10. johnofwessex

    johnofwessex Resident of Nat Pres

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    In which case why didnt the H Class end up on the IoW?
     
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  11. 30854

    30854 Resident of Nat Pres

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    Something that size?!! :Woot:
     
  12. Jamessquared

    Jamessquared Nat Pres stalwart

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    Because in the 1920s they were still needed in Kent! Suburban electrification out of Waterloo meant there were South Western types surplus to requirements but not so many SECR types.

    (There are probably secondary considerations as well, such as the closer connection of the Island railways with the LSWR and LBSCR).

    In an alternative universe, sending ex-LCDR 0-4-4T over might have been interesting, given they were already air braked. I guess the issue was that the earliest ones were already a bit long in the tooth by the 1920s, and the later ones were still needed in their home area.

    Tom
     
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  13. Dunfanaghy Road

    Dunfanaghy Road Member

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    Flittermouse is an old word for bat in English (I don't know if it is Old English, if you get my drift). Think 'Die Fledermaus'.
    Certainly W24 glides along a treat.
    Pat
     
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  14. cav1975

    cav1975 Member

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  15. 8126

    8126 Member

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    Thank you! I'd previously had that name filed under "I'm sure it made sense at the time," with the context it makes perfect sense.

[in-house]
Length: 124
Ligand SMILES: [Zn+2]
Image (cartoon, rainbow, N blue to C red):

16. ady

    ady Well-Known Member

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    I'm guessingfrom pervious conversationso about ex Brighton machines that the D3s were worse the O2s, M7s, and Hs. As I never heard them being selected for use on the Island even though they were already fitted with air braking.
     
  17. Jamessquared

    Jamessquared Nat Pres stalwart

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    I've quoted this before, but:

    The braking question is interesting in the light of the fact that when the SR wanted to take bigger air-braked locos to the Isle of Wight, they chose the O2 even though they had to be specially equipped with air brakes, rather than the D3 that came ready equipped. It can't all have been down to serendipitous visits by Eastleigh officials in 1922 paving the way!

    Going into specifics, as a general starter, a quote from Holcroft, in Locomotive Adventure, which gives an insight in to general repair costs:

    "Another thing we were warned about on Brighton engines was the lack of interchangeability of parts between engine of a class. It seems that the chargemen - of the erecting shop in particular - had been allowed far too much latitude in the past in the way they carried out repairs and reconditioning of parts, so that it could not be assumed that any two engines of a class were strictly alike."​
    A cursory read of A.C. Perryman's "When steam was king at Brighton" bears out that picture.

    For a more quantitative view, various figures.

    Firstly on construction costs:
    LSWR O2 class - in the range £1,485 - £1,660 across 60 locos built 1889 - 1894
    LSWR M7 class - in the range £1,400 - £1,650 across 105 locos built 1897 - 1911
    SECR H class - average of £2,380 across 66 locos between 1904 - 1915
    LBSCR D3 - £2,450 each for the first batch of 15 in 1891; I can't find costs for the others.

    Then, comparative repair costs of various passenger tank locos - these are relative to each other, rather than absolute costs. They come from a trial where running sheds took detailed records through 1928, at which point all these locos were about 20 - 30 years old. I've just included the 0-4-4T as directly comparable:

    SECR (Kirtley) R1 - 94
    SECR H - 96
    LSWR O2 - 108
    LBSCR D3 - 119
    LSWR M7 - 120